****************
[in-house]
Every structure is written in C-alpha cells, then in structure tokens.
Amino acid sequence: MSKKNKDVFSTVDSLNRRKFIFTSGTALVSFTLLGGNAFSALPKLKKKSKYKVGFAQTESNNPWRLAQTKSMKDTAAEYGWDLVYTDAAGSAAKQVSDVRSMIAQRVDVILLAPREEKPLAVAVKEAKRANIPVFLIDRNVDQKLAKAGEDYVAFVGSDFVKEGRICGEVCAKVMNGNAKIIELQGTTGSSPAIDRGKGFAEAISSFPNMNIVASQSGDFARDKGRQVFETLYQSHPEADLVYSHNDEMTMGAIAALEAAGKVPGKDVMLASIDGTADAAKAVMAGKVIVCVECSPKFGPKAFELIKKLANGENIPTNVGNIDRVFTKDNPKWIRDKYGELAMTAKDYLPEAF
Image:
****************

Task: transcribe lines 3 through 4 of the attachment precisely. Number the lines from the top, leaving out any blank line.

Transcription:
Amino acid sequence: MSKKNKDVFSTVDSLNRRKFIFTSGTALVSFTLLGGNAFSALPKLKKKSKYKVGFAQTESNNPWRLAQTKSMKDTAAEYGWDLVYTDAAGSAAKQVSDVRSMIAQRVDVILLAPREEKPLAVAVKEAKRANIPVFLIDRNVDQKLAKAGEDYVAFVGSDFVKEGRICGEVCAKVMNGNAKIIELQGTTGSSPAIDRGKGFAEAISSFPNMNIVASQSGDFARDKGRQVFETLYQSHPEADLVYSHNDEMTMGAIAALEAAGKVPGKDVMLASIDGTADAAKAVMAGKVIVCVECSPKFGPKAFELIKKLANGENIPTNVGNIDRVFTKDNPKWIRDKYGELAMTAKDYLPEAF
Image: